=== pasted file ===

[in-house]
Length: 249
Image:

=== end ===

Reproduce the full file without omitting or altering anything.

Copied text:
[in-house]
Length: 249
Image: